Planning Magazine

PBS's 'Iconic America' Tells the Forgotten Stories of the Nation’s Favorite Landmarks

From Fenway Park to the Hollywood sign, this docuseries explores how placemaking adds lasting meaning and memory to our cities.

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The Hollywood Sign in Los Angeles evokes the glamour of the city’s film industry. Photo courtesy of Show of Force.

In his landmark 1960 book, The Image of the City (1960), Kevin Lynch reframed our popular understanding of how people make sense of the urban landscape. Rather than thinking of cities as merely physical places that can be methodically measured and objectively mapped, cities must instead be viewed as mental and cultural artifacts. They exist, first and foremost, in the minds of the residents who inhabit them. Places become meaningful only as we come to know them personally and integrate them into our shared histories and communal experiences.

To help readers understand this process of "mental mapping," Lynch devised a typology of the basic elements we combine as we construct these internal images of the city, including the simplest building block of placemaking, the landmark.

Part location, part physical form or structure, part mythic symbol, the importance of landmarks cannot be overstated. Indeed, the entire field of placemaking has sprung up to help planners shape and convey a sense of place to residents and visitors, which is exactly what a landmark is marking. Whether natural or architectural, these instantly recognizable places serve as important beacons to gather meaning and anchor our shared understanding of a place.

Iconic America: Our Symbols and Stories is a new PBS docuseries for planners, designers, community developers, and other placemakers. Produced by David Rubenstein, the docuseries delivers an ongoing exploration of the creation and lasting importance of several classic American landmarks.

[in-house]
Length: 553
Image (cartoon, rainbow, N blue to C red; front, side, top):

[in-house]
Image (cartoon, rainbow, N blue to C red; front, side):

"I've long been struck by the strength of American symbols while saddened by how little we know about them," says David Rubenstein, producer and host. The series explores and celebrates eight memorable sights. Courtesy of Show of Force.

The short documentaries are concerned with what these places mean to us as well as what they look like or how they came to be. As Rubenstein explains, "I've long been struck by the strength of American symbols while saddened by how little we know about them. Our goal with this series is to explore the history and meaning of these iconic symbols and to better understand the bigger issues and societal currents they reveal."

The first two episodes connect directly with the ways urban landmarks shape places of lasting meaning and memory for our cities.

At the top of the batting order, the first episode recounts over a century in the history of Boston's iconic Fenway Park. Opened in 1912, the oldest ballpark in America is synonymous with both baseball and Boston. Fenway is literally embedded in the very fabric of the historic city, located smack-dab in the middle of a dense downtown network of streets and historic buildings — including one pre-existing thoroughfare which forced left field to be clipped short. This "clipping" resulted in the famous 37-foot-2-inch-high left-field wall known as "the Green Monster."

The delightful narrative combines conversations and interviews with the official Fenway Park curator, sportswriters, and Paul Goldberger, architectural historian and author of Ballpark: Baseball in the American City. The series also brings to life popular myths, insider stories, personal reminiscences, and forgotten lore. It's a treasure-trove of archival images and found footage, delivering a charming blend of urban and architectural analysis, history, and the requisite touch of Red Sox Nation fan-love.

(Yankees fans may want to jump right to episode five, featuring the iconic history of New York's Statue of Liberty. Rubenstein weaves together discussions of immigration with the history of urbanization and industrialization as well as the growth of commerce, globalization and ways that landmarks serve to frame public debates as well as mark places.)

A fascinating episode on The Hollywood Sign tells the story of this early attempt at placemaking, erected in 1923 as a real estate advertisement. Propped up on a hillside, the Hollywood Sign serves as an enduring example of the power of imagination and history in creating a sense of place. Despite being low-tech, barely straight, and decidedly old-fashioned, this iconic landmark is instantly recognizable, evoking everything that is Hollywood: the stars, the glamour, and the bright lights of a big city aware of its past while looking towards its future.

Iconic America: Our Symbols and Stories is available via traditional broadcast stations and on, as well as several popular streaming services.

Ezra Haber Glenn, AICP, is Planning's regular film reviewer. He teaches at MIT's Department of Urban Studies & Planning and writes about cities and film. Follow him at